Carson told the story of his parents’ divorce, his mother’s fall into poverty and then her insistence throughout Carson’s childhood that he read, become educated and get ahead.

“Thanks to her, I am here today,” Carson noted.

Carson strayed significantly from his prepared remarks. He told stories about his own life when he thought he may not make it past the age of 25 because of the neighborhood he was living in, he told about the moment when he decided to invest in himself and start taking school seriously. He said he went from the bottom of the class to the top in a year.

Then, Carson seemed to address Democrats’ concerns that Carson doesn’t respect government or the agency he is about to lead.

“The government can play a very important role,” Carson said.

“What has happened to often is that people who seemingly mean well have promoted things that do not encourage the development of …talent in people,” Carson said.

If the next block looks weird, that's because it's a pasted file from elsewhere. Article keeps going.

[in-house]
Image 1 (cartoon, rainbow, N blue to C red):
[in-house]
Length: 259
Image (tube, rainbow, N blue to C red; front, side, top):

Carson said that HUD has the ability to “be so much more” than simply housing people.

“I do believe that government is extraordinarily important,” Carson said.

To learn about what is working and what is not, Carson told the Senate Banking Committee he planned to go on “a listening tour” across the country as well as inside the agency.

Update at 10:19 a.m.: Sen. Marco Rubio (R-FL) is introducing Carson this morning. Remember, these two were running against each other for President just two years ago. Rubio noted, again, Carson’s many medical accolades and accomplishments.

Rubio, however, took another tact. He noted that at HUD, there has been a “lack of accountability” at HUD. And, Rubio said “Hud needs a leader who knows how to overcome tough obstacles.” “That, is what Ben Carson has done his entire life.”

“Hud is not just about providing people a place to live. At its core. HUD is about the American dream,” Rubio said.

Rubio said that Carson didn’t learn about housing inequality from books or magazines or PBS documentaries. Rubio said despite concerns that Carson is unexperienced in the government sector, Carson has something else; he lived in poverty and rose out of it.